There is considerable scientific, peer-reviewed research showing that specific vitamins, minerals and other natural substances can lower blood pressure. These nutraceuticals, as they’re called, do not produce most of the side effects associated with drugs. For example, in his book Houston says that although beta blockers can slow the heart rate, which is one method of dealing with hypertension, such drugs can lead to many problems—depression, diarrhea, insomnia. They can even make you fart a lot! In contrast, says Houston, hawthorn berry is an herb that could be a safer, natural alternative to beta blockers.

Two of Houston’s favorite nutraceuticals for hypertension and also overall cardiovascular health are omega-3 fatty acids and resveratrol. Omega-3s offer many cardiovascular benefits, such as reducing inflammation, the tendency of platelets to stick together unnecessarily, blood fat and the risk of experiencing irregular heartbeat.

Resveratrol is an exciting supplement that came about from research studying the cardiovascular health of people in France, as they have a much lower rate of cardiovascular disease than people in the United States—and that’s despite a diet often high in saturated fat. One reason for the difference is that the French culture encourages the drinking of wine, which contains the plant compound resveratrol. Houston says that research suggests resveratrol may slow the aging of the vascular system, and the aging process in general, and may help reduce bodyfat and boost the gain of muscle mass.

It’s not my place, especially in the format of a Q&A column, to go against the advice of your doctor. I nevertheless encourage you to read Houston’s book and then discuss some of its ideas with your doctor. Also refer your doctor to Houston’s medical textbook Handbook of Hypertension (New Jersey: Wiley-Blackwell. 2009). Hypertension is a serious disease, but the sound research provided in these books will not only increase your life expectancy but also improve the quality of your life.

Q: What is your opinion of using partial-range exercises? I understand that many powerlifters often do board presses and partial deadlifts in the power rack to improve their strength, but is that type of training worth the effort?

A: If you’re interested in achieving the highest levels of strength development, you should try to incorporate some partial movements into your current training programs. Powerlifting guru Louie Simmons endorses the use of partial lifts. The movements can also be used to boost muscle growth.

I understand that Mr. Olympia Frank Zane performed one-quarter deadlifts to maximize the development of his erector spinae muscles. Those testimonials aside, here are five good reasons to use partial-range movements:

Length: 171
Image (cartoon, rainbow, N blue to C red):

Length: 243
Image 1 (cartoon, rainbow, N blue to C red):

1) They enable you to use greater loads than you can when performing full-range movements. Partial-range training enables you to appropriately overload those areas of an exercise where you’re strongest. For example, if you train only with full squats, you’ll never maximally overload the top range of the movement.

2) They enable you to work on the sticking points in a lift. The sticking point is the weakest point of a lift, and how much you can lift in an exercise is limited by how much weight you can get past that sticking point. So powerlifters who have a problem at a specific point in the bench press can concentrate on that sticking point with partial-range training in a power rack.

3) They disinhibit the nervous system. Extremely heavy partials done in the top range of an exercise will help a trainer overcome the inhibition that comes from feeling an extremely heavy load on the spine in the case of a squat or at arm’s length in the case of a bench press.

4) They help peak an athlete in season. Partial-range training does not exhaust an athlete as much as full-range exercises and can be used just before major competitions. That’s why many high school football players do heavy box squats the day before a big game.

5) They can be used in rehabilitation. Partial-range-of-motion training is an excellent rehabilitation tool. Rather than avoiding all weight-training exercises, you can often perform an exercise through a partial range and gradually increase the range as the injury heals.

Although partial-range-of-motion training is not commonly used by most people who lift weights, there is no question that it’s a valuable method of increasing strength and muscle mass, improving athletic performance and keeping you strong as you rehabilitate an injury.

Editor’s note: Charles Poliquin is recognized as one of the world’s most suc-cessful strength coaches, having coached Olympic med-alists in 12 different sports, including the U.S. women’s track-and-field team for the 2000 Olympics. He’s spent years researching European journals (he’s fluent in English, French and German) and speaking with other coaches and scientists in his quest to optimize training methods. For more on his books, seminars and methods, visit IM